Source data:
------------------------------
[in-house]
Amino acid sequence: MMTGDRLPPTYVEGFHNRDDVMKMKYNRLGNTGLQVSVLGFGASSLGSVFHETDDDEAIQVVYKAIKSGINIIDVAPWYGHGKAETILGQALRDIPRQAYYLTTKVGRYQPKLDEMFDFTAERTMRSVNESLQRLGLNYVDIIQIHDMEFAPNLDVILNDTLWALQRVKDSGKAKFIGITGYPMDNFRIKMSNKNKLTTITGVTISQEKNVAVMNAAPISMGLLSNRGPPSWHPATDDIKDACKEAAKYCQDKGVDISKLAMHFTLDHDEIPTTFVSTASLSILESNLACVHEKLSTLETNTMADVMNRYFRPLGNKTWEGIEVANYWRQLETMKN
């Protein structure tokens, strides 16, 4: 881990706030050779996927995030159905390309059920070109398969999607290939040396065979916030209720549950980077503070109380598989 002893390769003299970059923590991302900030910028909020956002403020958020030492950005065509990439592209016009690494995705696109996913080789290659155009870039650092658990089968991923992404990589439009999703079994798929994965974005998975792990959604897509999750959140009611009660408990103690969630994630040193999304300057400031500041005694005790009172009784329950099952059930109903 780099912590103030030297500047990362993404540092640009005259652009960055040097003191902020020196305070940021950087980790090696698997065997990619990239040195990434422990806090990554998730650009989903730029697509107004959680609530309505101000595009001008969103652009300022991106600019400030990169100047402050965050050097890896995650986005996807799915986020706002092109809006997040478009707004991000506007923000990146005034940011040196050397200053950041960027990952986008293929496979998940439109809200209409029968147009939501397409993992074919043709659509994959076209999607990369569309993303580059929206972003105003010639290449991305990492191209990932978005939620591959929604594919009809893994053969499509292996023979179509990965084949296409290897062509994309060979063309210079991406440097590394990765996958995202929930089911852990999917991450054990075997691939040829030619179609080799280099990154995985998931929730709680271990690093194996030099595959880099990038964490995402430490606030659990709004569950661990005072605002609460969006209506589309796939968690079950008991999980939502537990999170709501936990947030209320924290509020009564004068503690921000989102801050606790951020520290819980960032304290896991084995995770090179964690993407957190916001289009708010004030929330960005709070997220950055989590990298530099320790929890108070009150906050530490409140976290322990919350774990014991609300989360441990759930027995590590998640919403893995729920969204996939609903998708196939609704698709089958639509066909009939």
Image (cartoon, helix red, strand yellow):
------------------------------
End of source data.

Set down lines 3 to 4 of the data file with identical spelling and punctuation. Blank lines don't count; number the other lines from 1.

């Protein structure tokens, strides 16, 4: 881990706030050779996927995030159905390309059920070109398969999607290939040396065979916030209720549950980077503070109380598989 002893390769003299970059923590991302900030910028909020956002403020958020030492950005065509990439592209016009690494995705696109996913080789290659155009870039650092658990089968991923992404990589439009999703079994798929994965974005998975792990959604897509999750959140009611009660408990103690969630994630040193999304300057400031500041005694005790009172009784329950099952059930109903 780099912590103030030297500047990362993404540092640009005259652009960055040097003191902020020196305070940021950087980790090696698997065997990619990239040195990434422990806090990554998730650009989903730029697509107004959680609530309505101000595009001008969103652009300022991106600019400030990169100047402050965050050097890896995650986005996807799915986020706002092109809006997040478009707004991000506007923000990146005034940011040196050397200053950041960027990952986008293929496979998940439109809200209409029968147009939501397409993992074919043709659509994959076209999607990369569309993303580059929206972003105003010639290449991305990492191209990932978005939620591959929604594919009809893994053969499509292996023979179509990965084949296409290897062509994309060979063309210079991406440097590394990765996958995202929930089911852990999917991450054990075997691939040829030619179609080799280099990154995985998931929730709680271990690093194996030099595959880099990038964490995402430490606030659990709004569950661990005072605002609460969006209506589309796939968690079950008991999980939502537990999170709501936990947030209320924290509020009564004068503690921000989102801050606790951020520290819980960032304290896991084995995770090179964690993407957190916001289009708010004030929330960005709070997220950055989590990298530099320790929890108070009150906050530490409140976290322990919350774990014991609300989360441990759930027995590590998640919403893995729920969204996939609903998708196939609704698709089958639509066909009939």
Image (cartoon, helix red, strand yellow):